The Woodpecker Network


Now is the time to get out into the woods and find Lesser Spotted Woodpeckers.
They are at their most conspicuous now (March and April) and are easily audible and visible (as there are no leaves on the trees). We (LesserSpotNet) have already had lots of reports of birds displaying, calling and drumming. So now is a great time for you to check suitable woodland for the presence of Lesser Spots and keep a record. During the winter their home range can be huge, hundreds of hectares, but in a few weeks, they will settle down in favoured nesting area. Still a big area but is much smaller than their winter range.

Please help with the Lesser Spot Network project this year.

Update - As of 26 March - the COVID-19 restrictions came into force with severe limits on going out. However if you are lucky enough to see or hear a Lesser Spot on your daily walk/cycle ride or as part of your work, please note the details and let us know.

Thank you to everyone who has sent records to us this spring and to everyone who has supported our lesser spotted woodpecker initiative over the last five years. Thanks to all your efforts we have been able to collect good data on nesting success from over 60 nests between 2015 and 2019 and we have been able to raise the profile of this enigmatic species.

The annual reports for the last five years are all available on our website (top right column on this newspage). We still need your help in gathering more data, so in 2020 we are planning more of the same – trying to find as many lesser spotted woodpecker nests as possible and trying to ensure that observers monitor the nests to find if young are successfully raised.
We have three nest inspection camera systems available for loan to LesserSpotNet volunteers, if appropriate (details here). These enable us to determine the number of eggs laid and number of chicks fledged which is vital to understanding the problems facing Lesser Spots.

We are asking LesserSpotNet volunteers to walk the woods in March and early April and record presence of Lesser Spots, then go back in May to try to find the nest.
If you find the birds excavating a nest in April/early May that is brilliant, but if not go back in May.
From our experience of the over 60 nesting sites reported to LesserSpotNet, the common factors seem to be, damp woodland with some dead/dying trees. In the past few years the most common tree species used for nesting have been Alder, Poplar, Birch, Willow, and Ash, with occasional Apple, Holly and Oak.
LSW always nest in a dead tree or a dead branch on a living tree. Last year almost all the nests were within 10m of a stream or pond, so this seems important. Lots more tips on finding lessers here.

Listen out for them drumming. A very good example of Lesser Spot drumming on dead wood is in this video from Alan Shaw from Derbyshire, note the drumming is softer and flatter than a Great Spot and lacks the flourish at the end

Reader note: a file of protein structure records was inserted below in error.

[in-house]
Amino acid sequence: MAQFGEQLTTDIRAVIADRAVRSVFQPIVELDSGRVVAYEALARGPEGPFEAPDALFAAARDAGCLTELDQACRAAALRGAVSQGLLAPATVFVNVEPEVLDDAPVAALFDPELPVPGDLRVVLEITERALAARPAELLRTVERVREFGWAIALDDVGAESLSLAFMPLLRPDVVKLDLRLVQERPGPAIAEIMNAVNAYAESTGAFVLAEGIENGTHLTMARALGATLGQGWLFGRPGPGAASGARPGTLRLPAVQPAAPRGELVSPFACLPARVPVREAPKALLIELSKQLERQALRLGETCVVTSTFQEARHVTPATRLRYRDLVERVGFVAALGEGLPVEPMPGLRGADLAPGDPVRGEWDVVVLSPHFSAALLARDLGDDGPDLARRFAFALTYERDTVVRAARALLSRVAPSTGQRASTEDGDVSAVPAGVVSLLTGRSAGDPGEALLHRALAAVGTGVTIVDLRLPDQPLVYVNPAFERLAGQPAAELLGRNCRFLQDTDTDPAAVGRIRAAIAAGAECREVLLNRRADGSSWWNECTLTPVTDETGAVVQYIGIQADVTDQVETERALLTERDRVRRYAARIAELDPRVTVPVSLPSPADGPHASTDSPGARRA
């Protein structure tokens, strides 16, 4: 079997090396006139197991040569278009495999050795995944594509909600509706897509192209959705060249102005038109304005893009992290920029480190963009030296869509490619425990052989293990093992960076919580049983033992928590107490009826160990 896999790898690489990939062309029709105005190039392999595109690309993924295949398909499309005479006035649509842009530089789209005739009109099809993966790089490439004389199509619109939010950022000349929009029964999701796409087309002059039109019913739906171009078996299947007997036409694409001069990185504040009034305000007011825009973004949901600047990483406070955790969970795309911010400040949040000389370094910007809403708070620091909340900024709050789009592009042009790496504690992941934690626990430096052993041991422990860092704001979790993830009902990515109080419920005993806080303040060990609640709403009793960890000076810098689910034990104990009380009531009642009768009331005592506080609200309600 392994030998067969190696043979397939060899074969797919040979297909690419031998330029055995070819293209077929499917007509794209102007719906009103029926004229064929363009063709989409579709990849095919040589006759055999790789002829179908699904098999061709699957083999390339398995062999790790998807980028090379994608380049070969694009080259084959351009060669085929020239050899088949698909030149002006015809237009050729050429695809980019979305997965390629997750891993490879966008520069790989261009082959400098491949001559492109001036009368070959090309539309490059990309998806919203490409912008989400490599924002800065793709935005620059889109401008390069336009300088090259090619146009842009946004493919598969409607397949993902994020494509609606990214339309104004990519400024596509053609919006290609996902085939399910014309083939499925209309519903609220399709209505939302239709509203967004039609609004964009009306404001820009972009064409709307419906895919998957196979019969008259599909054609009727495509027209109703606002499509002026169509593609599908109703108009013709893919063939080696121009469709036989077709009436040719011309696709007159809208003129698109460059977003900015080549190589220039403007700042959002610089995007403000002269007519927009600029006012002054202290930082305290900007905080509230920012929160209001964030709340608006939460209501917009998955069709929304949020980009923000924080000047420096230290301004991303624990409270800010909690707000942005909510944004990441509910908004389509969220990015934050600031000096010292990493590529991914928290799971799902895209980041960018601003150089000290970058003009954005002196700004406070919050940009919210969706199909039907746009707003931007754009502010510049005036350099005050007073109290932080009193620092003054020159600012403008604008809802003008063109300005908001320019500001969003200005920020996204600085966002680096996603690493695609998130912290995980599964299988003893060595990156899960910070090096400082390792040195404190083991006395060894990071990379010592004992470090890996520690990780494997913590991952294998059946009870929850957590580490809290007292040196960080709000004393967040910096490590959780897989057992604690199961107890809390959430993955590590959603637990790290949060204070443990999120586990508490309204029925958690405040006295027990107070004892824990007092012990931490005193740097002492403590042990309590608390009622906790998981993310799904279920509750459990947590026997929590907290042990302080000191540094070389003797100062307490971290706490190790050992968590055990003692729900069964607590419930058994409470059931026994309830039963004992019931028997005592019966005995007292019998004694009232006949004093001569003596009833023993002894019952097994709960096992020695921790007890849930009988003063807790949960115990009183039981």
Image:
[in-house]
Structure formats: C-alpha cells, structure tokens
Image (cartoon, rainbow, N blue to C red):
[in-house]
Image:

In the New Forest, which has a healthy population of Lesser Spots, (12 nests found last year) Rob Clements, with a team of volunteers, will be walking along the streams in suitable areas of the forest in March noting any Lesser Spot sightings. This will give them a good estimate of the number of territories and lead to the discovery of nests later on. This is a great idea and we encourage everyone to go out and do the same in your area.

Some observers are reluctant to report Lesser Spots to us for fear of the sites becoming subject to excessive disturbance. We are quite clear that we respect the wishes of observers when it comes to site confidentiality and we don’t reveal site details on this website.
At this time of year observing the birds feeding or moving through the woods is unlikely to cause disturbance. Having searched for and found many lesser spotted woodpecker nests over the years we don’t think regular walking through the woods checking for signs of nesting causes any significant disturbance.
Clearly once the birds have chosen a nest site and are excavating or feeding young, observers should keep their distance. But interestingly we have noted frequently over the last few years that Lesser Spots often place their nests in very public and busy places – a north London park and a heavily used picnic site on a cycle path come to mind – so we do wonder how sensitive to disturbance they really are. We urge all observers to exercise common sense and give the birds the space and time to get on with their nesting attempt.

Please send any sightings through to LesserSpotNet and/or your County Recorder.
email This email address is being protected from spambots. You need JavaScript enabled to view it. or direct This email address is being protected from spambots. You need JavaScript enabled to view it.
Don’t feel under any pressure to take a photo, the record of your sighting is what we need.
Our project is supported by the UK Rare Breeding Birds Panel.

LSW RichardJacobs leftcolLesser Spotted Woodpecker by Richard Jacobs 2019 LSW TimPreston 256Lesser Spotted Woodpecker © Tim Preston

Don't confuse juvenile Great Spotted Woodpeckers with male Lesser Spots - they both have red caps!

Dont confuse your woodpeckers

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